Finance for good: YALI Fellow gives insurance new meaning

Knowledge crosses borders, and if carried by a true leader, it can reach even the smallest communities on the other side of the globe. Born in Bloemfontein, South Africa, Yabela Dlali, is the founder and CEO of YDT Group, a financial company that provides financial advice, insurance services, property development, and e-bonds for the public. The company’s vision is to leverage its knowledge to create and promote a debt-free society for South African citizens and beyond.

Yabela is one of the 25 young leaders who journeyed to Austin to take part in the Mandela Washington Fellowship. The fellowship is a component of the Young African Leaders Initiative (YALI) which is sponsored by the US State Department.

The goal of the fellowship is to empower young people through academic coursework, leadership training, and networking. Participants take part in a six-week long academic and leadership program at US universities. When the fellows return home, they will continue to build their skills and have access to resources through various US development agencies.

Why did you start YDT Group?

I started my company to help people because in the insurance industry you are measured not by how many people you help but how much you sell. I wanted to run a brokerage firm where people receive objective advice and not walk out of my office with only a product. This idea was how YDT Group started but over time the company expanded and now it is five different groups providing different services all under the YDT name.

How has your company changed and grown since it was founded?

When I started, I ran the company out of one room of my apartment. Now the company occupies three floors of a commercial building that we own. YDT started with just me but now we have 17 employees and are expanding.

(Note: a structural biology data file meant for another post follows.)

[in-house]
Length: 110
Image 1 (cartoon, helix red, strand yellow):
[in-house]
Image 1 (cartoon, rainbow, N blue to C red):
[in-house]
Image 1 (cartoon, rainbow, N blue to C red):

What started your interests in business and finance?

What started my interest was that my parents declared bankruptcy and they couldn’t pay for my university. I dropped out and started looking for a job. I only had 10 rands (about 75 cents) and I bought a newspaper where I found a job in finance. When I began this job, I didn’t even know what finance was but over time I fell in love with it and have been in the industry ever since.

What type of impact has YDT Group had in Bloemfontein and South Africa?

In the public arena, I have been invited along with some of my employees into many radio stations to give advice about finance. Some of these stations have a listenership of the entire country and reach between 2.5 to 3 million people. In one of the programs, which ran for 18 months, I gave advice about property matters live on air. I even gave advice outside of my mother tongue because I speak 9 out of the 11 national languages of South Africa.I have even written financial articles for international newspapers. One of these newspapers was Public Eye which has a readership of people from South Africa and Lesotho. All of this advice was done pro bono.